Elizabethtown, Battle of
The Battle of Elizabethtown, which took place on or around 27 Aug. 1781 and essentially crushed the Tories' sway in the North Carolina's Cape Fear region, involved one of the great ruses in the state's Revolutionary War history. Bladen County  was firmly in the hands of the Tories, or Loyalists, and British forces numbering between 300 and 400 men were headquartered in Elizabethtown. The Patriots, about 60 or 70 men, had been driven from their homes and seen their estates ravaged and their houses plundered or burned. Led by Cols. Thomas Brown and Thomas Robeson , the Patriots knew they would need to rely on cunning and strategy against the militarily superior Tories.
Brown and Robeson devised a scheme in which the inferiority of their forces would be masked by false commands to "phantom" soldiers, intended to be heard by the enemy, to make the Patriot numbers appear greater than they were. Once the battle started, the Patriots went on the offensive, crossing the Cape Fear River  and surprising the Tories into a disorganized retreat. The Tory commanders, John Slingsby and David Godden, were both fatally wounded, and their troops scattered into the darkness. Many of them plunged headlong into a deep ravine near the river, which has been known ever since as "Tory Hole." When the smoke of battle cleared, 17 Tories were either dead or mortally wounded. Not one Patriot was killed, and only 4 were wounded. In 1939 the state of North Carolina erected a historical marker on Main Street in Elizabethtown, memorializing the battle and the famous Tory Hole.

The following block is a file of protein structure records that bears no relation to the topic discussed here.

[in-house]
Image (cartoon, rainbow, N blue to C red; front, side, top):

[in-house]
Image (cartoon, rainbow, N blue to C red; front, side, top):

R. F. Beasley, The Battle of Elizabethtown (1901).
Bladen County Historical Society, Battle of Elizabethtown (1957).
Thomas Robeson, NC Historical Marker, I-37. Image courtesy of North Carolina Office of Archives & History. Available from http://www.ncmarkers.com/marker_photo.aspx?sf=b&id=I-37  (accessed June 1, 2012).
Battle of Elizabethtown, Elizabethtown Town Chamber of Commerce: http://www.elizabethtownwhitelake.com/toryhole.php 
1 January 2006 | Tetterton, Beverly